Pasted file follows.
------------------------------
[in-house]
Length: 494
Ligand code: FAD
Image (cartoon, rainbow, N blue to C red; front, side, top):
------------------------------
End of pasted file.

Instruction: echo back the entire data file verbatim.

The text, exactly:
[in-house]
Length: 494
Ligand code: FAD
Image (cartoon, rainbow, N blue to C red; front, side, top):